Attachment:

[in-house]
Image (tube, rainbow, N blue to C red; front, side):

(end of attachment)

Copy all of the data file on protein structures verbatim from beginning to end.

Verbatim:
[in-house]
Image (tube, rainbow, N blue to C red; front, side):